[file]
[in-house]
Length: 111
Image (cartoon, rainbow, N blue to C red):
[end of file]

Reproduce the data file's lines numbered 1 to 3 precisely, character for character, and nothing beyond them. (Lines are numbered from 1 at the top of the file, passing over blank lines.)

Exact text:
[in-house]
Length: 111
Image (cartoon, rainbow, N blue to C red):